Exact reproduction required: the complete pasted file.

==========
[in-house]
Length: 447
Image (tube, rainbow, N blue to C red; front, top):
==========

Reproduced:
[in-house]
Length: 447
Image (tube, rainbow, N blue to C red; front, top):